Wood dust exposure in wood recycling facility

I have visited and wood recycling facility in order to evaluate employees’ exposure levels to wood dust. The facility was mostly processing mostly packaging wood products into shredded wood mixes of various qualities for the wood board manufacturing industry, agricultural industry or for use as a bio-fuel. The site processed up to 6 thousand pallets per week but the total number was variable depending on order quantities. The final products were temporarily stored on site. The site consisted of a large storage building for high grade products and a maintenance/office building.

wood dust exposure

The site processed mixed (hard & soft) waste wood products with the vast majority of the product being soft wood. The main hazardous substance employees could be exposed to was inhalable wood dust. Both Hard and Soft wood dust have workplace exposure limits (WEL) set to 5 mg/m3 averaged over an 8 hour working period. In addition to this the hard wood dust has “carc & sen” and soft wood has “sen” designation which means it has the ability to cause cancer and/ or occupational asthma.

wood dust testing

The low grade material were unloaded on one end of the site where they were continuously loaded into a large wood shredder. The shredded material was that transported via powerscreen separator and deposited on the ground. An operator working on a JCB loader either transported the deposited material to a storage area or loaded it onto transport lorries.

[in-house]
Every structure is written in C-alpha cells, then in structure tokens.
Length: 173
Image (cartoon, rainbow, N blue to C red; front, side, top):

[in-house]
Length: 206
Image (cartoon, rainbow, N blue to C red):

wood dust exposure risk

All the activities being carried out on site such as unloading, shredding, transporting to storage and loading had the potential to generate significant quantities of wood dust. The main control measures of site were wetting of the materials prior handling and shredding using semi enclosed and enclosed shredding machines. Operatives working with the machines were also protected by installed cabin air filtration systems.

wood dust assessment

The wood dust air monitoring results suggested that the employees were unlikely to be exposed to significant levels of wood dust. None of the personal exposures exceeded the level above which the wood dust would be considered to be hazardous. I have concluded that due to the low exposure level of employees, formal health surveillance program was not necessary.

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